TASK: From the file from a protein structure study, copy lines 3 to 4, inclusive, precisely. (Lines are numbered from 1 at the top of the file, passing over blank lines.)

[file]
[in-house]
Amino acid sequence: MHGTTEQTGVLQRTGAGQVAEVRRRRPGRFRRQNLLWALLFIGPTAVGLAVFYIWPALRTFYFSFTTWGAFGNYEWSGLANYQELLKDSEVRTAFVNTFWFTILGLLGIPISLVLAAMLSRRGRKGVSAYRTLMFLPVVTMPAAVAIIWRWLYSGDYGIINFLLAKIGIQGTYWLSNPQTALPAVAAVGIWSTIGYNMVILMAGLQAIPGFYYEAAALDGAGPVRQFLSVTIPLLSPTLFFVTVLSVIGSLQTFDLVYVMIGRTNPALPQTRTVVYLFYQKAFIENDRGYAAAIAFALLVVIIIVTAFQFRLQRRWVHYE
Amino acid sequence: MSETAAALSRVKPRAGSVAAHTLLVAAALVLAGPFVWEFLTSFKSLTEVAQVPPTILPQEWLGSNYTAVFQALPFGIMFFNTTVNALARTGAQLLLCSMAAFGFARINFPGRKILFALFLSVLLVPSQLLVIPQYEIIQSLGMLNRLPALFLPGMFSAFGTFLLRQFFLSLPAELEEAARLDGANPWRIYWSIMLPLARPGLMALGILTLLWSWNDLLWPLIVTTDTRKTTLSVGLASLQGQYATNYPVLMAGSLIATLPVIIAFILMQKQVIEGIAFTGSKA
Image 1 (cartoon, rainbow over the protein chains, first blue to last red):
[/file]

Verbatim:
Amino acid sequence: MSETAAALSRVKPRAGSVAAHTLLVAAALVLAGPFVWEFLTSFKSLTEVAQVPPTILPQEWLGSNYTAVFQALPFGIMFFNTTVNALARTGAQLLLCSMAAFGFARINFPGRKILFALFLSVLLVPSQLLVIPQYEIIQSLGMLNRLPALFLPGMFSAFGTFLLRQFFLSLPAELEEAARLDGANPWRIYWSIMLPLARPGLMALGILTLLWSWNDLLWPLIVTTDTRKTTLSVGLASLQGQYATNYPVLMAGSLIATLPVIIAFILMQKQVIEGIAFTGSKA
Image 1 (cartoon, rainbow over the protein chains, first blue to last red):